From ancient times to present day, Hawaiians have been inventing things that influence more than just life on the Islands. Pineapple peelers, surfboards and even a “jet lag forecaster” were all developed in the state, and you’ll have fun discovering how these big ideas came to fruition.
In the early 1900s, Henry Ginaca left his job as a mechanical draftsman in San Francisco to work at Honolulu Iron Works. It wasn’t long before businessman James D. Dole hired him to create an automated machine to prepare pineapples for canning. Up until then, pineapples were peeled and sliced by hand, which was a laborious, inefficient process. The “Ginaca machine” was ready in a year, able to precisely cut and trim at a rate of 50 pineapples per minute. The invention tripled Dole’s production capabilities and helped expand Hawaii’s agriculture industry. Variations of Ginaca’s machine are still used today. Learn more at http://files.asme.org/asmeorg/communities/history/landmarks/5557.pdf, and by taking a tour of Oahu’s Dole Plantation where over a million visitors stop by each year. More information about “Hawaii’s Complete Pineapple Experience” can be found at www.dole-plantation.com.
It’s said that surfing was invented in Hawaii centuries ago, and the equipment has been evolving ever since. Major contributions to the development of the modern-day surfboard were made in the 1920s and 1930s thanks to Tom Blake, an accomplished swimmer and surfer. The lightweight Tom Blake Hollow Surfboard was first produced in the late 1920s and quickly became popular – even fishermen used them as platforms. Blake continued to invent surfing and water sport equipment including a waterproof camera housing (1929), the sailboard (1931), collapsible surfboard (1932) and rescue ring (1937). Learn more about Blake’s hollow wood surfboards at www.woodsurfboards.com/blake.htm, and check out the Honolulu Surfing Museum (www.honolulusurfmuseum.com) for exhibits on the history and evolution of this popular sport.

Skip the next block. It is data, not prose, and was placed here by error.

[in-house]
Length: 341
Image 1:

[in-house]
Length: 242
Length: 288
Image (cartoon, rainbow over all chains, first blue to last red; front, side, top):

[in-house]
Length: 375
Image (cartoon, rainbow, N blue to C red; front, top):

Hawaiian inventors are still going strong in the present day, too. In 2011, the Honolulu Star Advisor reported that 210 patents were awarded to local residents in 2010, a 57 percent jump from the previous year. While most of the inventions were from the state’s high-tech companies like Hoana Medical Inc. and Oceanit Laboratories, there were several patents given to “garage inventors,” individuals with no investor or corporate backing. Patented devices include a "lounge chair cover," "miniature dental flossing packet," jet lag forecaster," "air conditioned helmet apparatus” and "hydrofoil for a surfboard.” Some of these patents may never go into production, but they represent the impressive creative minds of Hawaii. Read the entire article from the Star Advisor, which features an interview with inventor Scott Mullen, at www.staradvertiser.com/business/20110123_Hawaii_patents_hit_record_high.html?id=114441529.
Whether you have a knack for creating useful gadgets or you simply enjoy learning about imaginative designs, take some time to explore Hawaii’s big inventions and the great innovators behind them.